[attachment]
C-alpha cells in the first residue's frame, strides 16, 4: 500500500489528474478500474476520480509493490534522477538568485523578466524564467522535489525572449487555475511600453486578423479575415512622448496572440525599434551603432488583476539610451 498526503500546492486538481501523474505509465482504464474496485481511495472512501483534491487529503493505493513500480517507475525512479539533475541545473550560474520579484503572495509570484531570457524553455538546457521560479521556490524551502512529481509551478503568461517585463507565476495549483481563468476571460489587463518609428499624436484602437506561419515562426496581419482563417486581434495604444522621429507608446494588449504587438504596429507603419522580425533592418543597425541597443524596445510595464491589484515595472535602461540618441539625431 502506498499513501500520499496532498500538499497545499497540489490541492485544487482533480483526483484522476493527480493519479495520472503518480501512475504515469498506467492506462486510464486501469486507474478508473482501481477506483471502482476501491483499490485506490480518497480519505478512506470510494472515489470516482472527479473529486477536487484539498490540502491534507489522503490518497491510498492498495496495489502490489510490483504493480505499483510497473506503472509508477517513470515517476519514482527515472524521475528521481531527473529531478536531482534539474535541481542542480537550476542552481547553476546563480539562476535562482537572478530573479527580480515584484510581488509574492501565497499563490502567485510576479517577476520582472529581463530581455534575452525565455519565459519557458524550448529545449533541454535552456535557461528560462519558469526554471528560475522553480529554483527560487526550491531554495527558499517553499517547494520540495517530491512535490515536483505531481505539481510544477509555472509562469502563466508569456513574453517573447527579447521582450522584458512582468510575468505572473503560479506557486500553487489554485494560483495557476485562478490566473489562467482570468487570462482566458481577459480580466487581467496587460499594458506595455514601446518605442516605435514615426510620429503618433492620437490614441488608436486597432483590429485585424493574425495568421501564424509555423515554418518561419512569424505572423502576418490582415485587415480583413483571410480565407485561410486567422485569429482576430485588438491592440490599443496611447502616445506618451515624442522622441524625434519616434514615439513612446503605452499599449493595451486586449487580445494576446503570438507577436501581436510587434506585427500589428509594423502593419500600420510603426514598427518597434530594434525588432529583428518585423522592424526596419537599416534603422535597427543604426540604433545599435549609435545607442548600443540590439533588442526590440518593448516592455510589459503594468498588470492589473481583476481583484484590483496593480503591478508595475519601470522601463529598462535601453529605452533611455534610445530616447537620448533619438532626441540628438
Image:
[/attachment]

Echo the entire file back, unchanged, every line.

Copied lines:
C-alpha cells in the first residue's frame, strides 16, 4: 500500500489528474478500474476520480509493490534522477538568485523578466524564467522535489525572449487555475511600453486578423479575415512622448496572440525599434551603432488583476539610451 498526503500546492486538481501523474505509465482504464474496485481511495472512501483534491487529503493505493513500480517507475525512479539533475541545473550560474520579484503572495509570484531570457524553455538546457521560479521556490524551502512529481509551478503568461517585463507565476495549483481563468476571460489587463518609428499624436484602437506561419515562426496581419482563417486581434495604444522621429507608446494588449504587438504596429507603419522580425533592418543597425541597443524596445510595464491589484515595472535602461540618441539625431 502506498499513501500520499496532498500538499497545499497540489490541492485544487482533480483526483484522476493527480493519479495520472503518480501512475504515469498506467492506462486510464486501469486507474478508473482501481477506483471502482476501491483499490485506490480518497480519505478512506470510494472515489470516482472527479473529486477536487484539498490540502491534507489522503490518497491510498492498495496495489502490489510490483504493480505499483510497473506503472509508477517513470515517476519514482527515472524521475528521481531527473529531478536531482534539474535541481542542480537550476542552481547553476546563480539562476535562482537572478530573479527580480515584484510581488509574492501565497499563490502567485510576479517577476520582472529581463530581455534575452525565455519565459519557458524550448529545449533541454535552456535557461528560462519558469526554471528560475522553480529554483527560487526550491531554495527558499517553499517547494520540495517530491512535490515536483505531481505539481510544477509555472509562469502563466508569456513574453517573447527579447521582450522584458512582468510575468505572473503560479506557486500553487489554485494560483495557476485562478490566473489562467482570468487570462482566458481577459480580466487581467496587460499594458506595455514601446518605442516605435514615426510620429503618433492620437490614441488608436486597432483590429485585424493574425495568421501564424509555423515554418518561419512569424505572423502576418490582415485587415480583413483571410480565407485561410486567422485569429482576430485588438491592440490599443496611447502616445506618451515624442522622441524625434519616434514615439513612446503605452499599449493595451486586449487580445494576446503570438507577436501581436510587434506585427500589428509594423502593419500600420510603426514598427518597434530594434525588432529583428518585423522592424526596419537599416534603422535597427543604426540604433545599435549609435545607442548600443540590439533588442526590440518593448516592455510589459503594468498588470492589473481583476481583484484590483496593480503591478508595475519601470522601463529598462535601453529605452533611455534610445530616447537620448533619438532626441540628438
Image: